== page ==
Philippine history

How the Philippine mahogany helped win D-Day

Mike Baños

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How the Philippine mahogany helped win D-Day

RECREATION. A full-scale recreation of a Higgins boat at the National World War II Museum in New Orleans.

The National WWII Museum

Even today, few people are aware of the role that the Philippine mahogany played in the allied invasion on June 6, 1944 (June 7 in the Philippines), and the Allies' ultimate victory over the Axis powers

CAGAYAN DE ORO CITY, Philippines – As Europe commemorates the 78th anniversary of D-Day, Filipinos everywhere can take pride in knowing that the Philippine mahogany played a vital role in the success of the allied campaign.

Even today, few people are aware of the role that the Philippine mahogany played in the allied invasion on June 6, 1944 (June 7 in the Philippines), and the Allies’ ultimate victory over the Axis powers.

Wood from the Philippine mahogany, locally known as tanguile, was crucial in the development of the Landing Craft, Vehicle, and Personnel (LCVP) created by American inventor and industrialist Andrew Jackson Higgins, which made the D-Day landings of June 6, 1944, possible.

NAVAL BOMBARDMENT. US Coast Guard LCVPs or Higgins’ boats line the waters of Lingayen Gulf, after a naval bombardment of Japanese shore positions in Luzon, Philippines, on January 9, 1945. The LCVPs were one of the most rugged and versatile boats ever designed. – US National Archives and Records Administration
Higgins’ boat

Designed by Higgins, the half-wood, half-steel LCVP assault boats landed troops and material on invasion beachheads.

A self-taught genius of small boat design, Higgins was raised in Omaha and served in the Nebraska Army National Guard, where he gained his first experience with boat building and moving troops on the water during militia maneuvers on the Platte River.

In 1910, he became manager of a German-owned lumber-importing firm in New Orleans, and later formed his own company, the Higgins Lumber, and Export Company, importing hardwood from the Philippines, Central America, and Africa, and exporting bald cypress and pine.

As part of his work in boat building and design, Higgins completed a program in naval architecture through the National University of Sciences in Chicago, which awarded him a bachelor of science degree.

The 1939 crop

Higgins foresaw and prepared for the coming war better than most. As author Mike Whaley described it: “In a common movement of eccentricity, Higgins bought the entire 1939 crop of mahogany from the Philippines and stored it at his boatyard. He knew it would be desperately needed soon, and it was. One of his first wartime contracts was to build PT Boats, all of which required mahogany as the primary deck material.”

The Philippine mahogany is the trade name of seven native lauan species belonging to the dipterocarp family, said Raoul Geollegue, former Department and Environment and Natural Resources (DENR) director for Northern Mindanao. 

“They are not the common plantation mahogany belonging to the family Meliaceae originating from South America,” he said.

Two years later, the US Navy ordered the production of Higgins’ iconic LCVPs which helped win World War II.

Higgins’ innovative spirit enabled a series of breakthroughs that eventually became his namesake boat.

Its spoonbill bow curled up near the ramp, forcing water underneath, and enabling the craft to push up onto the shore and reverse after offloading.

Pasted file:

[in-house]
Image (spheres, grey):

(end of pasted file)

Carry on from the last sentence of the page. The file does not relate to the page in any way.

A ridge added to the keel improved its stability. The V-shaped keel was later created, allowing the boat to ride higher in the water.

Higgins started making landing craft for the Navy when World War II began and came up with a 36-foot version – the Landing Craft Personnel Large (LCPL) that would become the standard for the rest of the war.

The boat that won the war

That landing craft – often cited as “the boat that won World War II” – could quickly carry up to 36 men, or a Willys Jeep, small truck, or other equipment with fewer troops. 

Higgins’ earlier modifications along with an ingenious protected propeller system enabled the boats to maneuver in only 10 inches of water.

This became the basis for a variety of designs and configurations which followed the same fundamental style, all built by Higgins or under license with his company, Higgins Industries. 

Higgins was named on 18 patents, most of which were for his boats or different design adaptations to the vessels.

Before the LCVP, large-scale seaborne invasions usually required the bombardment and capture of often heavily fortified and well-defended large ports and harbors.

ANDREW JACKSON HIGGINS. American inventor and industrialist Andrew Jackson Higgins – US National Inventors Hall of Fame

Thanks to the Higgins boat, troops were quickly deployed on any stretch of shoreline.

To meet the threat of an invasion that could fall anywhere, enemy commanders needed to spread their forces out across entire coastlines and fortify vast stretches of shore.

The Higgins boat was used for many amphibious landings, including Operation Overlord on D-Day in Nazi Germany-occupied Normandy, Operation Torch in North Africa, the Allied Invasion of Sicily, Operation Shingle and Operation Avalanche in Italy, and in over 100 amphibious operations in the Pacific.

The small craft is remembered along with the Jeep, the C-47 aircraft, and the deuce-and-a-half ton truck as one of the transport systems that powered the Allied victory in World War II.

Thanks in no small measure to that 1939 crop of Philippine mahogany that made the Higgins boats available in numbers that made the ultimate Allied victory a reality. –

An earlier version of this story first appeared in the author’s blog.

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